Science

Expert Nutritionists Provide 3 Easy Tips To Help You Navigate The Holiday Season

A holiday season done right celebrates the greatest aspects of family, food and relaxation, but we all know that an excess of any of those three things can negatively impact our mind and body (sorry Aunt Linda!). 

It’s important to keep things in perspective. Your health or diet isn’t going to be completely sabotaged by one meal or even a handful of meals throughout the holiday season, and there’s no reason you can’t enjoy your favorite foods to mark these special occasions; the key is to find a balance that allows you to feel good afterward. 

Robot Camera Ruins Soccer Match

A robot camera just ruined a soccer match in Scotland. The camera uses artificial intelligence to track the soccer ball throughout the match. But in a recent fixture between Inverness Caledonian Thistle and Ayr United the camera kept getting confused by the linesman's bald head. Since fans were not allowed in the stadium the only way to watch the match was the televised broadcast. However, for a good chunk of the time, all the viewers could watch was the linesman running up and down the sideline. The home club (Thistle) recently switched from human camera operators to the new A.I.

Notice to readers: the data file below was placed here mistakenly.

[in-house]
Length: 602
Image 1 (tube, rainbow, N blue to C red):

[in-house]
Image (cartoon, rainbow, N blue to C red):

Forgotten Genius: How Sam Allardyce's Tenure At Bolton Helped Transform Modern Football

"He was what I called a ball-playing defender," long-time friend Dave Bassett said of Sam Allardyce, "If he wasn't playing with the ball he was playing with your balls."

Allardyce was a feared center back during his 20-plus years in English football due to his propensity to clatter opposing strikers and leave them moaning in pain on the turf. He was even given the nickname "Super Sam Bionic Man" for his ability to quickly ascend from these tackles and continue playing. 

Footballers Could Actually Be At Greater Risk Of COVID-19, New Research Suggests

MANCHESTER, England — Research from Germany and Italy suggests that footballers and other athletes face a particular risk of the coronavirus infecting their lungs, raising major questions over attempts to restart professional soccer.

The research, produced by Italian immunologists and lung specialists based at institutes in Berlin, Rome and Verona, suggests that due to strenuous exercise, elite athletes are more likely to inhale virus particles and direct them to the lower areas of the lung.

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